This accomplishment is a testament to our love for Skidmore and our peers.”Edvinas Rupkus
Graduates were each given the option of where to designate their gifts. This year, gifts will support scholarships, diversity, sustainability, student health initiatives, the Opportunity Program, Skidmore College Emergency Medical Service and athletics. Rupkus encouraged his fellow grads to continue their generosity in the future. “With each gift, we pay it forward for future students and send a message to Skidmore about what we, both individually and as a class, think is important.”
From 2015 to 2019, members of the Class of 2019 have grown and transformed, overcome challenges and forged lifelong friendships. Read more about this dynamic group, where they're headed and the impact they've had on the Skidmore community.
The stoles, cords and stories they tell
Skidmore grads donned colorful and symbolic regalia to celebrate their personal journeys and creative accomplishments. Here’s your guide to the story each piece tells.
Student-athletes: We're "family for a lifetime."
What does it mean to graduate as a student-athlete? Class of 2019 grads Haley English and Damian Hammond share their thoughts on the true impact sports and Skidmore have had on their lives.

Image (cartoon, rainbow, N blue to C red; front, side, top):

Where is the Class of 2019 going next?
From Tiffany & Co. to the Peace Corps and the Dana-Farber Cancer Institute, members of the Class of 2019 are ready to make their creative marks on the world.
Attendees were welcomed with a call to celebration by Joyce Casertino, a Skidmore retiree who devoted 35 years of service to the College. Casertino reminded everyone that Skidmore “has always placed special value on the bold, the daring and the future.” She also took a moment to honor our past and shared remarks from a 1923 graduation address by Skidmore’s first president: